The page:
Symposium Paper by Dominique Boullier: “When in 2007 Savage and Burrows pointed out ‘the coming crisis of empirical methods’, they were not expecting to be so right. Their paper however became a landmark, signifying the social sciences’ reaction to the tremendous shock triggered by digital methods. As they frankly acknowledge in a more recent paper, they did not even imagine the extent to which their prediction might become true, in an age of Big Data, where sources and models have to be revised in the light of extended computing power and radically innovative mathematical approaches.They signalled not just a debate about academic methods but also a momentum for ‘commercial sociology’ in which platforms acquire the capacity to add ‘another major nail in the coffin of academic sociology claims to jurisdiction over knowledge of the social’, because ‘research methods (are) an intrinsic feature of contemporary capitalist organisations’ (Burrows and Savage, 2014, p. 2). This need for a serious account of research methods is well tuned with the claims of Social Studies of Science that should be applied to the social sciences as well.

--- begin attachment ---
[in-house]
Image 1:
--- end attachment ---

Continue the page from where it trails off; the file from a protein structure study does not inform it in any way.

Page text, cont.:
I would like to build on these insights and principles of Burrows and Savage to propose an historical and systematic account of quantification during the last century, following in the footsteps of Alain Desrosières, and in which we see Big Data and Machine Learning as a major shift in the way social science can be performed. And since, according to Burrows and Savage (2014, p. 5), ‘the use of new data sources involves a contestation over the social itself’, I will take the risk here of identifying and defining the entities that are supposed to encapsulate the social for each kind of method: beyond the reign of ‘society’ and ‘opinion’, I will point at the emergence of the ‘replications’ that are fabricated by digital platforms but are radically different from previous entities. This is a challenge to invent not only new methods but also a new process of reflexivity for societies, made available by new stakeholders (namely, the digital platforms) which transform reflexivity into reactivity (as operational quantifiers always tend to)….(More)”.